* Poor ventilation main cause of indoor pollution
* Women more exposed to danger
* EPD to launch a project against indoor air pollution
By Abdul Manan
LAHORE: Diseases found in about 60 percent of Pakistani women are caused by poor ventilation, and the Environment Protection Department (EPD) has yet to launch any project or awareness programme to combat indoor air pollution.
Environmentalists say that indoor smoke, heating, ventilating, and air conditioning (HVAC) systems (climate control), mould (fungus), pesticides, radon gases and stagnant water are the major sources of indoor air pollution.
“Lack of adequate ventilation in houses gives birth to various diseases, and people have been experiencing the problem for centuries,” said Dr Muhammad Nawaz Chaudhry, an environmentalist at the Punjab University. He said that smoke (from tobacco and fuels) was the most common and hazardous indoor air pollutant, adding that cooking and heating with solid fuels resulted in high levels of indoor air pollution. He said that fungus released toxic spores, which on inhaling over a period of time could cause chronic inflammation and the scarring of lungs. He said that air pollution could also cause infections, asthma, and lung cancer, besides headaches, dry-eyes, nasal congestion, nausea and fatigue.
Women first: Pakistan Medical Association Chairman Dr Masood Sheikh told Daily Times that women and children were mostly affected by indoor air pollution.
He said that women were comparatively more vulnerable to diseases caused by indoor pollutants, as they spent most of their time in kitchens where there was poor ventilation. He said that respiratory problems and allergies in about 60 percent of female patients were caused by indoor air pollution.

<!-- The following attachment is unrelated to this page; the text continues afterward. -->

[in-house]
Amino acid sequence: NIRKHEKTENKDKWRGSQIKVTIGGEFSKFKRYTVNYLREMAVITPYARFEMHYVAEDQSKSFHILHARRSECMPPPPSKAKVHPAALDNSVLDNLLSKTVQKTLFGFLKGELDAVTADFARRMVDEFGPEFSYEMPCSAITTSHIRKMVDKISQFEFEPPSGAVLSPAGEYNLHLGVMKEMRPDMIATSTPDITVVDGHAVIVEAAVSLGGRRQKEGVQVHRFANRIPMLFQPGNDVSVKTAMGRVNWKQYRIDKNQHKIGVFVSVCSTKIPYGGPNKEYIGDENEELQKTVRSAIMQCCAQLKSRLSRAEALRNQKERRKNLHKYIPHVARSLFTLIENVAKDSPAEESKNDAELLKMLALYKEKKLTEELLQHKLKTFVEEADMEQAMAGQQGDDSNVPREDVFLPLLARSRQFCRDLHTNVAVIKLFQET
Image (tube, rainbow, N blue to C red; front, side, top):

He said that the residences of MM Alam Road were full of dust mites – also indoor pollutants – and cockroaches because of the restaurants on that road. He said that dead dust mites and their excrement could cause allergic reactions and asthma in people.
Dr Nawaz said that radon was thought to be the second most common cause of respiratory diseases, and the gas, at times, seeped up naturally from soil and rocks below buildings. “Due to modern houses having poor ventilation, the gas is confined inside the house, causing harm to the dwellers,” he added.
He said that pesticides applied deliberately or inadvertently in buildings to control ants, flies, fleas, moths and rodents were toxic to people as well. He said that pesticides could contaminate buildings with carcinogenic chemicals. He said that HAVC systems also contributed to indoor air pollution if filters and equipment were not maintained properly.
He said that gas and oil furnaces released carbon monoxide and nitrogen dioxide, while furniture and carpets often contained toxic chemicals like formaldehyde and organic solvents. He said that coffee machines, fax machines, computers and printers also released dangerous gases like ozone (O3), which were highly oxidising.
Dr Nawaz said that a variety of household cleaning agents, personal care products, paints and solvents might be sources of hundreds of potentially harmful chemicals. He said that such components could cause dizziness, nausea, allergic reactions, and cancer.
Looking forward: EPD Secretary Major (r) Shahnawaz Bader told Daily Times that the issue of indoor air pollution in homes was a new thing for the department. He said that the EPD had previously worked on indoor pollution of industries, but no attention had been given to houses. He said that the EPD would soon launch a project regarding indoor air pollution.
He said that an awareness campaign to combat indoor air pollution would also be launched after the project.